- In 11.3(iii),
x \otimes (c \star y) should be
changed to x \star (c \otimes y). [SS]
- In 11.29 on page 285, near the bottom, "Form the external
direct sum" should be "Form the external direct
sum Phi="
*Additional remarks for 11.41.*A few more remarks might be helpful for motivation, i.e., to explain why I've developed integration theory in this fashion. Most books which introduce integration over positive measures concentrate on integrals of real-valued functions. They tend to mix together two different sorts of ideas; I believe that these ideas can be grasped more readily if they are kept separate. The two sorts of ideas are:- How big is something? Use notions of ordering. This yields the positive integral, described in 11.41(iii) and studied at the end of Chapter 21. A natural setting is the extended nonnegative reals, [0,+oo]. (Some mathematicians prefer to work in (-oo,+oo] or in [-oo,+oo), but I feel that that adds complications without adding any important ideas.)
- How far apart are things? Use notions of distance. This
yields the L
^{p}spaces, studied in the middle of Chapter 22. A natural setting is in Banach spaces. Very little is gained by restricting attention to real-valued functions; to emphasize the role of distance I prefer to consider Banach-space-valued functions and develop the Bochner-Lebesgue spaces.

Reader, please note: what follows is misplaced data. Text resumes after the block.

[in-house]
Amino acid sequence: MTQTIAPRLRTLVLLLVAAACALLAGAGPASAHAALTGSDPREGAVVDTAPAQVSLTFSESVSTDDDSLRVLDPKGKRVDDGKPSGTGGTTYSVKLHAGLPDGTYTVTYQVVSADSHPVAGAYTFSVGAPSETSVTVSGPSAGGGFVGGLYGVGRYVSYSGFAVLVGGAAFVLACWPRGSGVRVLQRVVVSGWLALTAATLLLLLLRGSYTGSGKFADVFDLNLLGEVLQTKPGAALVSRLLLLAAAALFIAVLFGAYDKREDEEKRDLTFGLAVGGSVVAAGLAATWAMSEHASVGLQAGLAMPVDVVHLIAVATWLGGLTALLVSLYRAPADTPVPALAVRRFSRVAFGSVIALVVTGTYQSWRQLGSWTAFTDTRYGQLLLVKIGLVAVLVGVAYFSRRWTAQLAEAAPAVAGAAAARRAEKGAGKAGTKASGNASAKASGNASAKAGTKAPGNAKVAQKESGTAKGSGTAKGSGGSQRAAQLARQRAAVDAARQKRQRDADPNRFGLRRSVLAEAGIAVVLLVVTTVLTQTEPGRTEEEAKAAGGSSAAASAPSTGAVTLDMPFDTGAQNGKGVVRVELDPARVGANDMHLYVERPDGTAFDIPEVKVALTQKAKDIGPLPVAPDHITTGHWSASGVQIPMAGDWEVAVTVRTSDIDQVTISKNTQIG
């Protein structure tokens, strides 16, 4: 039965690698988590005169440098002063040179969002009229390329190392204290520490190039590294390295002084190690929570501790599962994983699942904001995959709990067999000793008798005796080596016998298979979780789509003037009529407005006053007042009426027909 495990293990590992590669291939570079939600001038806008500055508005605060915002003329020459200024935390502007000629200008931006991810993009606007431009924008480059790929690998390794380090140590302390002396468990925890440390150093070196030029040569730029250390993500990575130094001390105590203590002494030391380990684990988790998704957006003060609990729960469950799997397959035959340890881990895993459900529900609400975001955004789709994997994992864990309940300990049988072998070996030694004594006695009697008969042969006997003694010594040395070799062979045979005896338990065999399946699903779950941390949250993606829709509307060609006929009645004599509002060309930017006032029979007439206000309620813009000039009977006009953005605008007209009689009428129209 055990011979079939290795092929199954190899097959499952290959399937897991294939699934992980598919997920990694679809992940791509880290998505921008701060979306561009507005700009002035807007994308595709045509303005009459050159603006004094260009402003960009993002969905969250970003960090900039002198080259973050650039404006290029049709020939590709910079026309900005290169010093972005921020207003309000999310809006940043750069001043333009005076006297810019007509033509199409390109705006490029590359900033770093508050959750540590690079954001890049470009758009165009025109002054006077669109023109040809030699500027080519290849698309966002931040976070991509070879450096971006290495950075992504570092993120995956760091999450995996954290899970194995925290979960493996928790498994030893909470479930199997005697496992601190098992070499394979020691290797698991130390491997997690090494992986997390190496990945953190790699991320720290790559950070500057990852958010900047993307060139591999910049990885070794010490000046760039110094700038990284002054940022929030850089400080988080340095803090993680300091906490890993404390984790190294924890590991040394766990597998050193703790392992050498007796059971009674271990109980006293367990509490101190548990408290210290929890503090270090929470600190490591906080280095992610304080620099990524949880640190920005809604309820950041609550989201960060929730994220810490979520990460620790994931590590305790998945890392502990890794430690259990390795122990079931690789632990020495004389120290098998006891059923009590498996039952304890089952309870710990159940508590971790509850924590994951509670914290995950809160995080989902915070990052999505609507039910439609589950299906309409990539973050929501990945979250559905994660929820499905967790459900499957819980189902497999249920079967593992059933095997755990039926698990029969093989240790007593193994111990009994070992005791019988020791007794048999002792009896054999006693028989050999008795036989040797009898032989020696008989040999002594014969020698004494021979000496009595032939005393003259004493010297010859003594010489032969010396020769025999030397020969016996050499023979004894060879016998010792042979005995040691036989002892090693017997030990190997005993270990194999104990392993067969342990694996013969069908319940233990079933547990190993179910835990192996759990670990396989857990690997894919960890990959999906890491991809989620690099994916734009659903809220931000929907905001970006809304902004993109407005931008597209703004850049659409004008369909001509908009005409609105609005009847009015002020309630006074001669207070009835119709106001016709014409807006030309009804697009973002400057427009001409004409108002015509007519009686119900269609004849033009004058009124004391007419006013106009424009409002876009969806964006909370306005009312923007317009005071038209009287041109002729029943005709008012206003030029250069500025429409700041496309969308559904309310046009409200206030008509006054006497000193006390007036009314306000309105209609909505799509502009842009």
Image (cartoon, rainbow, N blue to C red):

*Add remark to 11.42:*The point of all this is that later we'll take the limits of simple functions, and thereby extend the definition of the integral. -- Perhaps it would be better to postpone this material until later in the book; this section doesn't do much good by itself.*Clarification for 11.50 parts c and d.*For some reason I thought that these were only true in vector lattices, not in lattice groups. I was mistaken -- these are also true in lattice groups. Proof can be found in Birkhoff's book on lattice theory.- In 12.15, part (E) is wrong. Each of the x's on the
right side of the inequality should be replaced by Mx, where
M is the sum of the mu's.